At the festival, Hardin’s Nursery of Tampa was a multi-space veteran vendor that specialized in roses of many varieties. They also sell fertilizer and bags of two-part planting soil, which are custom made at their nursery.
he 33rd-annual Green Thumb Festival sponsored by the St. Petersburg Parks and Recreation Department was held on Saturday and Sunday, April 27 and 28, from 9 a.m. to 4 p.m. at the Walter Fuller Recreation Center park. More than 30,000 attended the two-day event according to the Green Thumb Festival website. In addition to numerous plant vendors, the festival featured environmental and horticultural exhibits, a soil and water sample clinic, recycling rally, free mulch, plant auction and children’s programs, as well as food and entertainment.
Joan Rafferty of Madeira Beach is a 10-year veteran of the festival. This is the third year she has brought her two dogs, Murphy, foreground, and Riley, background. “I’m here today to look at all of these lovely flowers. We’ve already bought orchids,” she said. Her husband, Paul, was in charge of pulling the doggie wagon. Paul is a Marine Corps Korean War veteran and points out that each animal is wearing a “Semper Fido” collar.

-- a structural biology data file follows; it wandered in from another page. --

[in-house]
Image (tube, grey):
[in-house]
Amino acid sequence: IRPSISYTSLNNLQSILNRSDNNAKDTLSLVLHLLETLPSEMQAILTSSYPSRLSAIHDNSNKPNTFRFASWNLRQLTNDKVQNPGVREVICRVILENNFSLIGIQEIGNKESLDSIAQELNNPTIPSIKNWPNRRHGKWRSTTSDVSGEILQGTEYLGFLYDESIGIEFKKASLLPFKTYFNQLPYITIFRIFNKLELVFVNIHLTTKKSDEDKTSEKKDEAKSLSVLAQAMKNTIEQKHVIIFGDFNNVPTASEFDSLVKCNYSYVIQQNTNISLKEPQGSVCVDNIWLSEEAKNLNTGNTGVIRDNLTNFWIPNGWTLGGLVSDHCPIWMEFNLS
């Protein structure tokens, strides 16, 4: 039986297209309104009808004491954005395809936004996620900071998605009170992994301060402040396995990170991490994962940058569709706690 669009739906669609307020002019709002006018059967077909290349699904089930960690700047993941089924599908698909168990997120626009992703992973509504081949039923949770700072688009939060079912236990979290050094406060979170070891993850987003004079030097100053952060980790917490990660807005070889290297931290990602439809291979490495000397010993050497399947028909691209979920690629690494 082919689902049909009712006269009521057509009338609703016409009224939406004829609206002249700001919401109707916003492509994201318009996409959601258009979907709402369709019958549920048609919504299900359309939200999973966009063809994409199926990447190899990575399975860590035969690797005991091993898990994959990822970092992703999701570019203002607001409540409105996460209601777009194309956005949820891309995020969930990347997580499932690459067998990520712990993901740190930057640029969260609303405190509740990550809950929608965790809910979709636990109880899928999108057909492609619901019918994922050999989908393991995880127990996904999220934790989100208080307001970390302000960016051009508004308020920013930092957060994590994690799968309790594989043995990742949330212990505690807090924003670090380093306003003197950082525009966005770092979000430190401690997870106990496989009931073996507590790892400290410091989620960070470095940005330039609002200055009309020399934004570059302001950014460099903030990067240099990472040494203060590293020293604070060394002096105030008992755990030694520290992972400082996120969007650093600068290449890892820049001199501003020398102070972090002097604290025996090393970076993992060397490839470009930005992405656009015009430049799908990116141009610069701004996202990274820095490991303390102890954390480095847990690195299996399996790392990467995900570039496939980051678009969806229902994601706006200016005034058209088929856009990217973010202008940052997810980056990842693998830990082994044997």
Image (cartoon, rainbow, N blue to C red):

The 33rd-annual Green Thumb Festival sponsored by the St. Petersburg Parks and Recreation Department was held on Saturday and Sunday, April 27 and 28, from 9 a.m. to 4 p.m. at the Walter Fuller Recreation Center park, 7891 26th Ave. N. Terry Evans, one of the over 200 vendors and exhibitors, has a Weirsdale, Florida based business called Creative Garden Structures that he runs with his wife. They specialize in backyard habitats for wildlife like birds, squirrels and bees, he said. “I go by Audubon specifications for the hole sizes in the bird boxes,” said Evans. The screech owl box, center, also includes five kerf cuts below the entry hole so the birds have something to grab onto with their talons before entering, he said.
More than 30,000 attended the two-day event according to the Green Thumb Festival website. One of the happy plant buyers early on Saturday morning, April 27 included Richard Gibson, right, of St. Petersburg who found a Gram Broga Tiger orchid that produces a three-foot long spike containing dozens of flowers that can last up to three months. “It’s a very large orchid, that’s new for me,” said Gibson. He’s been into orchids for about eight years. John Cox, left, selected a Lotus Bowl Water Lily for his pond.